Separating the people from the president

24 January 2006

In today's Guardian George Monbiot explores the west's demostrated hypocrisy in relation to Iran's nuclear programme, quoting Paul Rogers's openDemocracy column. Monbiot states:

"Israel, citing the threat from Iran, insists on retaining its nuclear missiles. Threatened by them (and prompted, among other reasons, by his anti-semitism), the Iranian president says he wants to wipe Israel off the map, and appears to be developing a means to do so. Israel sees his response as vindicating its nuclear programme. It threatens an air strike, which grants retrospective validity to Ahmadinejad's designs. And so it goes on. Everyone turns out to be right in the end."

The comparison made on nuclear weaponry is relevant and timely but I scanned it for a consideration which, over the last few weeks, has become conspicuous to me in its absence. The element missing from Iran reportage is the domestic population and its reaction to Ahmadinejad's most controversial comments. This tends to give the impression that Iranians as a whole agree with, and support their president's stance.

This ommission is most troubling as it creates a negative impression of Iranians, necessary for western publics' endorsement of hostile action.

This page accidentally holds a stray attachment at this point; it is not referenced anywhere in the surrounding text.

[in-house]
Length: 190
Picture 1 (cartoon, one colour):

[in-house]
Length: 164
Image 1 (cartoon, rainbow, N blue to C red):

In fact a substantial body of opinion have been opposed to verbiage about wiping Israel off the map, and denying the holocaust. This in a country where free speech is censored and the Internet is filtered.

Iranian Federal Congress statement condemning Ahmadinejad's remarks

Iranian bloggers speak in code against Ahmadinejad

Review of 'We Are Iran' describing blogging against the regime



 "The character is praying: "Dear God, please silence Ahmadinejhad for a while"

From Another Irani Online

One last thing... I found this dissection of the anti-Zionist/holocaust denial combination by Oren Ben-Dor to be particularly clear-minded given the proliferation of emotions associated with that inappropriate juxtaposition. here


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